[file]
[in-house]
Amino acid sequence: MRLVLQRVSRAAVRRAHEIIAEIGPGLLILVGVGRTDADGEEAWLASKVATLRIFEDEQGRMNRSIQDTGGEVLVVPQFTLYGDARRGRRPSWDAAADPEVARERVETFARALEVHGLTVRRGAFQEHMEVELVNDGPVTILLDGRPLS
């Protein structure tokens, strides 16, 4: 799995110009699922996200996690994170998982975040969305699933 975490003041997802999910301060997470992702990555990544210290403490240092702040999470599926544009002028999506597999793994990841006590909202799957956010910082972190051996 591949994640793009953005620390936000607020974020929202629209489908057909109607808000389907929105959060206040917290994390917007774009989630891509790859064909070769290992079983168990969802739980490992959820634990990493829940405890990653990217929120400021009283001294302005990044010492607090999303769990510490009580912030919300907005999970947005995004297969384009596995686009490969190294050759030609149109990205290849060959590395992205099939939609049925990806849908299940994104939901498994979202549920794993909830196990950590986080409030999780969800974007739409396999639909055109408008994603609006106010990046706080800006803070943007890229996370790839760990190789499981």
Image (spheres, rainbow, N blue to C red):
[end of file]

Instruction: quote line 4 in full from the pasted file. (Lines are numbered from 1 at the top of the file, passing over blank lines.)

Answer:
Image (spheres, rainbow, N blue to C red):